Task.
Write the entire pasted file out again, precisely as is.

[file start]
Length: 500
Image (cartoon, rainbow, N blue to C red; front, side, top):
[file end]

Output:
Length: 500
Image (cartoon, rainbow, N blue to C red; front, side, top):